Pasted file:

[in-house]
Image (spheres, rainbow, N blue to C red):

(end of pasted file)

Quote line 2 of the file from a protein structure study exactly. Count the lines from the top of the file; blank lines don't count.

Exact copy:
Image (spheres, rainbow, N blue to C red):